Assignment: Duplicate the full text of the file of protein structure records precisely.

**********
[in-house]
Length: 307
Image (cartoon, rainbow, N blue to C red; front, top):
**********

[in-house]
Length: 307
Image (cartoon, rainbow, N blue to C red; front, top):